My travel pattern for 2016 amid the AAdvantage devaluations

travel pattern for 2016 amid the AAdvantage devaluationsMy travel pattern for 2016 amid the AAdvantage devaluations

While every blogger is writing (and re-writing) about the already known AAdvantage devaluation, I want to share my approach moving forward. For starters, we all knew that American Airlines would eventually devalue their program and match Delta and United. There is really no news about the 2016 program, except the fact that e500 upgrades and SWU will become harder to obtain because they will require more flying.

I also believe that American will eventually enforce a spend requirement (Elite Qualifying Dollars) once their IT department can get around to it post-merger.

For me, however, I will continue to fly American. As some of you may know, I am based out of Washington, D.C. and travel to Miami, FL and Los Angeles, CA the most. American offers non-stop service between both cities and has very decent times for their flights. I also have too much invested on American in terms of million miller balance and AAdantage miles. Connecting on Delta and United would be too much of a hassle, plus Delta miles are crap. United is decent in terms of award miles but their customer service is a stinker. Being out of DCA, and a bit far from IAD, United is just not feasible for me at the moment either.

Since the three legacy carriers now have very similar programs, there is really little choice for consumers. Thank you Department of Justice.

What are you thinking moving forward? American? Delta? United? Southwest? Frontier? Spirit?

About Adam (509 Articles)
Lawyer. Immigrant. Frequent Flyer. Scuba Diver. Travel Blogger. [Follow me on Twitter: @iAdumb]

3 Comments on My travel pattern for 2016 amid the AAdvantage devaluations

  1. I’m BOS based and thinking seriously about switching to JetBlue after 9 years of executive platinum. Since everybody’s miles are the same now, the nonstops to everywhere on B6 make a big difference.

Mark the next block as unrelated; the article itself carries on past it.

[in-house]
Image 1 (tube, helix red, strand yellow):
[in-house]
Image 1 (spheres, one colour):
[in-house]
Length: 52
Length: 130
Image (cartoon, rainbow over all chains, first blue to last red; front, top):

2. I applaud your realism. I am laughing at all the AA apologists who seem so shocked that AA would try to normalize its programs with those of its biggest competition in DL and UA. I also agree that AA eventually will add revenue requirements once its IT can accommodate that. AA has little choice but to do so…unless it wants to have more cheap ticket flyers earning elite status–which only pushes more higher spenders to UA and DL.

    As for DOJ allowing only 3 legacy carriers, I think it bears mention that DOJ has to allow not only for domestic competition but also for international competition. If DOJ didn’t permit US airlines to have fortress hubs such as we have with UA in SFO, DEN, ORD, IAH, and EWR, with AA in DFW, ORD, MIA, and LGA, and with DL in ATL, JFK, DTW, and SLC, then all of those airlines would be at a serious competitive disadvantage compared to almost all foreign carriers. Most foreign carriers have but a single major hub city in their country (BA at LHR, AF at CDF, TK at IST, EK at DXB, SQ at SIN, JAL/OZ at ICN, JAL/ANA at NRT, CX at HKG, etc) and a few have but 2 major hub cities (LH at FRA and MUN, QS at SYD and MEL). Those foreign carriers have fewer airports to worry about/invest in. US carriers have FAR more. Only Chinese airlines now have even remotely a comparable challenge, but they haven’t yet grown their domestic market to surpass that of the USA, let alone their international routes to compete with what the US carriers can offer. So it is a reduction in domestic competition by allowing those fortress hubs…but the US also has domestic competition with Southwest, Alaska, and JetBlue, among a few others, with national reach on many but not all routes served by the legacy carriers. Trust me when I say that there is less monopoly and more choice in the USA than there is in Australia, Western Europe (within each nation), and Africa. Only Asia really has intense competition akin to what the US domestic market looks like.

    • Thank you for your insight, Bill. You bring up a good point regarding U.S. airlines needing an advantage for international travel.

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